The Royal Navy warship HMS Argyll has sailed to sea following a 20-month refit refit in her baseport of Devonport, Plymouth.
The Type 23 frigate sailed with the very latest Royal Navy sensors and equipment newly fitted, in particular the new Sea Ceptor air-defence missile system, for which she will lead the first acceptance trials for the class of warship in the Navy later in the year.
Her crew, led by the captain, Commander Toby Shaughnessy, has been working hard with the MOD industrial partner Babcock, who delivered the refit to get her ready for sea. Recently completing the last of her pre-sailing machinery trials and a busy period of safety drills, the 171-man crew is delighted to be back at sea.
Commander Shaughnessy said: “It is always extremely challenging to re-generate our ships following their routine periodical refits. They are complicated machines and the vast array of equipments need close attention when we turn them on again after such a long period in dry dock. I am very proud of the determination and professionalism of my crew throughout this busy period in getting the ship ready to return to sea. We look forward to rejoining the fleet and contributing to its global operations once again.”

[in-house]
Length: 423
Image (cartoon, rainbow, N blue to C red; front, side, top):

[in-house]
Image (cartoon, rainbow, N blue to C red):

HMS Argyll will consolidate her safety drills at sea before a short period of post-refit trials. She will return to full operations with her sister Devonport ships thereafter.
Babcock Warship Director, Mike Whalley, said: “We are delighted to play our part in returning HMS Argyll to sea in a significantly improved material state and with enhanced capability. This has been the most complex Type 23 upkeep ever undertaken in Devonport – and the first UK warship class to have its missile system changed mid -life since the 1970s. Key learning gained throughout the project will enhance our ability as class lead to life extend the rest of the class.’’
This represents the culmination of over 600,000 man hours of work at the Babcock Frigate Support Centre in Devonport Royal Dockyard. This is Babcock’s completion of the first Type 23 ‘life-extension’ upkeep, designed to extend the ship’s operational life from 18 to 35 years: maintaining, updating and upgrading capability for the 21st century.